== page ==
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Delta Aquarid Meteor Shower Peaks Tonight: Watch Live on Slooh Webcast

Southern Delta Aquarid Meteor
Astrophotographer Jim Denny captured this photo of a Southern Delta Aquarid meteor on July 30, 2014, in Kekaha, Kauai, Hawaii. (Image credit: Jim Denny)

The annual Delta Aquarid meteor shower peaks overnight tonight (July 28), and you can watch the event live via a special webcast by the online Slooh Community Observatory.

Viewers can check out shots of the Delta Aquarids taken by telescopes in the United States, the United Kingdom, Canada and Japan operated by Slooh and several partner organizations. The main show starts at 8 p.m. EDT today (0000 GMT Friday), though an early broadcast is also available today at 8 a.m. EDT (1200 GMT) from Japan. The shows can be viewed live on the Slooh website. Viewers can send questions to @Slooh on Twitter, or chat live with the team on The webcast will also be available here on, courtesy of Slooh.

"This annual meteor shower is best for observers in the Southern Hemisphere and more southerly regions of the Northern Hemisphere, but no matter where you are, you can watch the shower on Slooh," the observatory's representatives wrote in a press release. [How to See the Best Summer Meteor Showers of 2016]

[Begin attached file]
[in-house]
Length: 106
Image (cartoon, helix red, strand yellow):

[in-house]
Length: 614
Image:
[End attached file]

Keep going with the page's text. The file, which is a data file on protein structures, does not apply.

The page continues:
Meteor showers occur when Earth plows into a stream of debris left behind by a comet or an active asteroid. But exactly which comet or asteroid causes the Delta Aquarids remains a mystery, Slooh representatives said. The suspected culprit is Comet 96/P Machholz, which was discovered in 1986 by Slooh member Don Machholz. The meteor shower, however, has been known since at least the 1870s.

Today's broadcast will be hosted by Paul Cox and Slooh astronomers Bob Berman and Eric Edelman, Slooh said. They will cover various topics, including the cause of meteor showers and folklore about the constellation Aquarius (the direction from which the meteor shower appears to radiate in the night sky.)

Coverage will come from Slooh's headquarters in Washington Depot, Connecticut, and three international partners: the United Kingdom Meteor Observation Network, Canada's David Thompson Astronomical Observatory and Weathernews Japan.

Editor's note: If you have an amazing night-sky photo you'd like to share for a possible story or image gallery, please contact managing editor Tariq Malik at

Follow Elizabeth Howell @howellspace, or @Spacedotcom. We're also on Facebookand Google+.Original article on

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Elizabeth Howell

Elizabeth Howell is a contributing writer for who is one of the few Canadian journalists to report regularly on space exploration. She is the author or co-author of several books on space exploration. Elizabeth holds a Ph.D. from the University of North Dakota in Space Studies, and an M.Sc. from the same department. She also holds a bachelor of journalism degree from Carleton University in Canada, where she began her space-writing career in 2004. Besides writing, Elizabeth teaches communications at the university and community college level, and for government training schools. To see her latest projects, follow Elizabeth on Twitter at @howellspace.